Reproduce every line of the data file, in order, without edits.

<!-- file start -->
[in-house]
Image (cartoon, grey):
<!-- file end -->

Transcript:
[in-house]
Image (cartoon, grey):